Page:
• GLoRIA: A Multimodal Global-Local Representation Learning Framework for Label-efficient Medical Image Recognition Huang, S., Shen, L., Lungren, M. P., Yeung, S., IEEE IEEE. 2021: 3922-3931
  • Holistic 3D Human and Scene Mesh Estimation from Single View Images Weng, Z., Yeung, S., IEEE COMP SOC IEEE COMPUTER SOC. 2021: 334-343
  • DARCNN: Domain Adaptive Region-based Convolutional Neural Network for Unsupervised Instance Segmentation in Biomedical Images Hsu, J., Chiu, W., Yeung, S., IEEE COMP SOC IEEE COMPUTER SOC. 2021: 1003-1012
  • Unsupervised Discovery of the Long-Tail in Instance Segmentation Using Hierarchical Self-Supervision Weng, Z., Ogut, M., Limonchik, S., Yeung, S., IEEE COMP SOC IEEE COMPUTER SOC. 2021: 2603-2612
  • Achieving Trustworthy Biomedical Data Solutions Washington, P., Yeung, S., Percha, B., Tatonetti, N., Liphardt, J., Wall, D. P., Altman, R. B., Dunker, A. K., Hunter, L., Ritchie, M. D., Murray, T., Klein, T. E. WORLD SCIENTIFIC PUBL CO PTE LTD. 2021: 1-13
  • Ethical and Legal Aspects of Ambient Intelligence in Hospitals. JAMA Gerke, S. n., Yeung, S. n., Cohen, I. G. 2020

    View details for DOI 10.1001/jama.2019.21699

    View details for PubMedID 31977033

  • Using Computer Vision to Automate Hand Detection and Tracking of Surgeon Movements in Videos of Open Surgery. AMIA ... Annual Symposium proceedings. AMIA Symposium Zhang, M., Cheng, X., Copeland, D., Desai, A., Guan, M. Y., Brat, G. A., Yeung, S. 2020; 2020: 1373-1382

    Abstract

    Open, or non-laparoscopic surgery, represents the vast majority of all operating room procedures, but few tools exist to objectively evaluate these techniques at scale. Current efforts involve human expert-based visual assessment. We leverage advances in computer vision to introduce an automated approach to video analysis of surgical execution. A state-of-the-art convolutional neural network architecture for object detection was used to detect operating hands in open surgery videos. Automated assessment was expanded by combining model predictions with a fast object tracker to enable surgeon-specific hand tracking. To train our model, we used publicly available videos of open surgery from YouTube and annotated these with spatial bounding boxes of operating hands. Our model's spatial detections of operating hands significantly outperforms the detections achieved using pre-existing hand-detection datasets, and allow for insights into intra-operative movement patterns and economy of motion.

    View details for PubMedID 34025905

  • Automatic detection of hand hygiene using computer vision technology. Journal of the American Medical Informatics Association : JAMIA Singh, A. n., Haque, A. n., Alahi, A. n., Yeung, S. n., Guo, M. n., Glassman, J. R., Beninati, W. n., Platchek, T. n., Fei-Fei, L. n., Milstein, A. n. 2020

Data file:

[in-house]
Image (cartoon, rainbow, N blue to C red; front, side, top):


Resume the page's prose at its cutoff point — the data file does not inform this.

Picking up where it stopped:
Abstract

    Hand hygiene is essential for preventing hospital-acquired infections but is difficult to accurately track. The gold-standard (human auditors) is insufficient for assessing true overall compliance. Computer vision technology has the ability to perform more accurate appraisals. Our primary objective was to evaluate if a computer vision algorithm could accurately observe hand hygiene dispenser use in images captured by depth sensors.Sixteen depth sensors were installed on one hospital unit. Images were collected continuously from March to August 2017. Utilizing a convolutional neural network, a machine learning algorithm was trained to detect hand hygiene dispenser use in the images. The algorithm's accuracy was then compared with simultaneous in-person observations of hand hygiene dispenser usage. Concordance rate between human observation and algorithm's assessment was calculated. Ground truth was established by blinded annotation of the entire image set. Sensitivity and specificity were calculated for both human and machine-level observation.A concordance rate of 96.8% was observed between human and algorithm (kappa = 0.85). Concordance among the 3 independent auditors to establish ground truth was 95.4% (Fleiss's kappa = 0.87). Sensitivity and specificity of the machine learning algorithm were 92.1% and 98.3%, respectively. Human observations showed sensitivity and specificity of 85.2% and 99.4%, respectively.A computer vision algorithm was equivalent to human observation in detecting hand hygiene dispenser use. Computer vision monitoring has the potential to provide a more complete appraisal of hand hygiene activity in hospitals than the current gold-standard given its ability for continuous coverage of a unit in space and time.

    View details for DOI 10.1093/jamia/ocaa115

    View details for PubMedID 32712656

  • A computer vision system for deep learning-based detection of patient mobilization activities in the ICU. NPJ digital medicine Yeung, S., Rinaldo, F., Jopling, J., Liu, B., Mehra, R., Downing, N. L., Guo, M., Bianconi, G. M., Alahi, A., Lee, J., Campbell, B., Deru, K., Beninati, W., Fei-Fei, L., Milstein, A. 2019; 2: 11